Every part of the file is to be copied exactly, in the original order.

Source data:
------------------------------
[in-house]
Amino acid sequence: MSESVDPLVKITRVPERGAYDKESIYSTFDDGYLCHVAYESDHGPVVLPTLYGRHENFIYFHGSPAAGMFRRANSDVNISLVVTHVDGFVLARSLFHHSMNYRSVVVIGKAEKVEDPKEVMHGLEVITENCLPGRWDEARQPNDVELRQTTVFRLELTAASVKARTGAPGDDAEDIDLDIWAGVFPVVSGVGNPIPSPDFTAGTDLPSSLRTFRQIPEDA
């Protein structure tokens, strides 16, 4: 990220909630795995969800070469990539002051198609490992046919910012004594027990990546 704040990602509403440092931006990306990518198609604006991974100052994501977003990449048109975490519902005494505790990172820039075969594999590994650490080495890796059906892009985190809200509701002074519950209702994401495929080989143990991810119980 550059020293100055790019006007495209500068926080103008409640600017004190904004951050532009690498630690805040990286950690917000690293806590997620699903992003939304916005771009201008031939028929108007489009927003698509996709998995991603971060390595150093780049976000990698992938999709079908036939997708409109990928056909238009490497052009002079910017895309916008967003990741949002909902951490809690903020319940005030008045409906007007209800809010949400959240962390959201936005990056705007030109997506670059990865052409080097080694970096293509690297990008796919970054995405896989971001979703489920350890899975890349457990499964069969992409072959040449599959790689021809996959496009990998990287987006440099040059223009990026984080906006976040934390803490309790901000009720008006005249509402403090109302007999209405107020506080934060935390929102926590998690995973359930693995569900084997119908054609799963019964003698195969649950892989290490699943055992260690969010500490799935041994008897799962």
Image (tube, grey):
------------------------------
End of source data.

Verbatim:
[in-house]
Amino acid sequence: MSESVDPLVKITRVPERGAYDKESIYSTFDDGYLCHVAYESDHGPVVLPTLYGRHENFIYFHGSPAAGMFRRANSDVNISLVVTHVDGFVLARSLFHHSMNYRSVVVIGKAEKVEDPKEVMHGLEVITENCLPGRWDEARQPNDVELRQTTVFRLELTAASVKARTGAPGDDAEDIDLDIWAGVFPVVSGVGNPIPSPDFTAGTDLPSSLRTFRQIPEDA
């Protein structure tokens, strides 16, 4: 990220909630795995969800070469990539002051198609490992046919910012004594027990990546 704040990602509403440092931006990306990518198609604006991974100052994501977003990449048109975490519902005494505790990172820039075969594999590994650490080495890796059906892009985190809200509701002074519950209702994401495929080989143990991810119980 550059020293100055790019006007495209500068926080103008409640600017004190904004951050532009690498630690805040990286950690917000690293806590997620699903992003939304916005771009201008031939028929108007489009927003698509996709998995991603971060390595150093780049976000990698992938999709079908036939997708409109990928056909238009490497052009002079910017895309916008967003990741949002909902951490809690903020319940005030008045409906007007209800809010949400959240962390959201936005990056705007030109997506670059990865052409080097080694970096293509690297990008796919970054995405896989971001979703489920350890899975890349457990499964069969992409072959040449599959790689021809996959496009990998990287987006440099040059223009990026984080906006976040934390803490309790901000009720008006005249509402403090109302007999209405107020506080934060935390929102926590998690995973359930693995569900084997119908054609799963019964003698195969649950892989290490699943055992260690969010500490799935041994008897799962």
Image (tube, grey):